Berker Bayazıt Electrical Engineer Team Captain – Battery and Solar Cell Systems Design
Fatih Can Mechanical Engineer – Thermo Fluids Graduate Aerodynamic Shell Design
Sinan Yıldız Telecommunication Engineer Head of the Electrical Group – Telemetry and Communication Systems Design
Türker Unutmaz Electronic Engineer Embedded System Design
Mehmet Hasanzade Telecommunication Engineer Embedded System Design
Alaattin Ersivri Electrical Engineer Drive System Design
Aykut Özgün Önol Control Engineer Energy Optimization – Drive Simulator and Strategy
Arif İçke Control Engineer Energy Optimization – Drive Simulator and Strategy
Taner Metin Control Engineer Energy Optimization – Drive Simulator and Strategy
Mustafa Topçu Mechanical Engineer Head of the Mechanical Group – Power Unit Design and Resistance Analysis
Mehmet Akif Kütük Mechanical Engineer Power Unit Design and Steering System
Büşra Uğurlu Mechanical Engineer Power Unit Design and Brake System
Taygun Uzunlar Material Engineering Structural Design – Production
Yunus Emre Boya Material Engineering Structural Design – Production
Sercan Dağlı Material Engineering Structural Design – Production
Onur Aydın Naval Architecture and Marine Engineering Public Relations and Financial Planning

They then introduced us to their demo program. Frankly speaking, I was never good with car racing games. I voluntarily tried their demos, but I can’t say that I was very successful (I told the people in the team, there’s a problem in the speed feeling of the program). After a few trials, we accepted the situation and went to the real drive.

Later on, we went to the parking lot from the place designated for them in the Maslak Campus where they made us the presentations. The place where the parking lot was was really an interesting place. On one side, there was the ITU Stadium in which the ITU American Football Team was exercising while we were doing the test drive (No, you didn’t hear me wrong, recently American Football became very popular in the Turkish universities), and on the other side the students coming out of the elementary school of ITU and their parents.

In this interesting place, I again volunteered to do the first test drive. Later on, a lot of people in our group joined this trial. For it to be more comfortable for us, we opened the top of the car (without the outer shell where the photovoltaic cells are) and drove it that way. Here’s that moment:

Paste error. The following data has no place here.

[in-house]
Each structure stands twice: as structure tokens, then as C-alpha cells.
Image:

During the years I was studying in Canada, I became interested in go-kart. We would get together with our friends and would go to have a go-kart race. Using this car was actually similar to using a go-kart in principle. Your right foot is for the gas pedal and your left foot is for the brake pedal. It’s the same setup. ARIBA 5, which is very quiet, can go up to 80 km/hr.
While the other test drives were taking place, an 8-9 year old boy from the elementary school of ITU and his mother came over to us. The following dialogue took place:

The Mother: What is this?
Serhan: It’s a solar electric car. We’re now doing its test drive.
The Boy: Mom, is this a car?
The Mother: Yes dear, it’s a car.
Serhan (to the boy): You grow up, get into university, study engineering and be a part of this Solar Energy Team.
The Mother: Those kids in ITU design this?
Serhan: Yes. As you see, there are very bright kids in Turkey. Your son can be one of them.
The Mother: Hopefully. If it’s meant to be.
Serhan: Have a good day, you’re always welcome (Of course, I embraced the group and saw myself as a part of the Solar Energy Team and these words escaped from my lips).
The mother: You too.

All in all, after a very pleasant test drive, we took a picture by the car to eternalize this moment and ended the day. Here’s a picture of that moment:



We left ITU after sharing our mutual good wishes. The common thought of our group was that the excitement and the positive energy of the youth in this event whose video you can find below (Thanks to Serkan Koç) affected us all positively. Of course, a new reason for us to be optimistic came up. We left the Maslak Campus filled with hope. We all have lots of things to do in the solar energy sector!